Junior headed to D.C. for national theatre competition

Alex Meyer

Alex Meyer heading to D.C. 

KAYLYN DEITER

kkdeiter13@ole.augie.edu

 

Alex Meyer didn’t expect his name to be called that night in Des Moines, Iowa.

What followed was a blur of photos, hugs and “sort of a lot of screaming.”

It was the regional Kennedy Center American College Theatre Festival (KCACTF), and the junior art and theatre major had just earned his ticket to the national KCACTF competition.

Held at Washington D.C.’s Kennedy Center, the festival honors the top young talents in playwriting, acting, dramatic criticism, directing and scenic design. Meyer will be one of 20,000 representing the theatre programs of colleges and universities nationwide.

Meyer received the honor for his scenic design on When the World was Wild and Waste, an original play by religion professor Richard Swanson, which was first performed at Augustana last fall.

“I’m really excited to be there, in the company of so many esteemed students,” Meyer said. “I’ll get to work alongside industry professionals and make those connections. And being in the Kennedy Center to present and display my stuff, that’s going to be amazing.”

Meyer’s passion for scenic design started with a high school interest in theatre, which continued as a pastime when he came to Augustana. Meyer planned on having it remain a hobby, then he became a theatre major.

“I was always in the theatre,” he said. “That’s where my friends were, and I realized it was integral to my life.”

When theatre professor Jayna Fitzsimmons was deciding who should design the set for Swanson’s play, Meyer immediately came to mind.

“This was an unusual project, so I needed someone who could think outside the box,” Fitzsimmons said. “Alex was the perfect choice. He’s an excellent listener, and he’s willing to think beyond himself to mentally serve the story.”

SwansonAs the play’s director, Fitzsimmons facilitated pre-production workshops where the cast, crew and playwright had the opportunity to collaborate with one another, brainstorming ideas that would later be scrapped for better ones. Swanson called it “playing around.”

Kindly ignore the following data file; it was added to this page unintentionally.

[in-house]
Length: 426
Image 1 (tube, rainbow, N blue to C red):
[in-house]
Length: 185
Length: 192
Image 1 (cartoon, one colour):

“There are 35 ways we could play a scene, but maybe only five we want,” Swanson said. “In the middle of all that, Alex found things and taught me what the dimensions of the play were.”

Meyer said his design started with a concept from the director, coupled with a reading of the script. Though When the World was Wild and Waste was Meyer’s first play on Augustana’s main stage, the size of the endeavor didn’t intimidate him. Rather, Meyer said it allowed him room to create what he called his proudest work.

“I’ll remember forever the set model Alex made out of popsicle sticks,” Swanson said. “In that design I saw the depths of what I was looking for, and I couldn’t wait to see the final creation.”

While Meyer will not only present his work to fellow colleagues and judges but also take classes and workshops focused on multiple facets of theatre. It’s a week he hopes will cement his desire to work full-time in theatre after graduation.

“I want to go into the field of theatre as a scenic designer, either freelance or on the collegiate level,” Meyer said. “It’s my biggest passion, and if I have enough passion I’m going to make it into a career.”

Swanson has no doubt Meyer will do just that.

“I want to see what this guy is doing in 20 years,” he said. “I’m sure we’re going to be reading about him and the shows he’s working on. That’s what I love about Augustana—I love working with students whose careers are going to be so interesting to watch.”

Though Meyer may not be sure in which direction his passion will take him, he’s confident he has the support to get where he wants to be.

“I’ve had the most outstanding support and congratulations with this whole endeavor,” Meyer said. “Even from people I don’t really know. I’ve had lots of encouragement. It’s astounding.”

 

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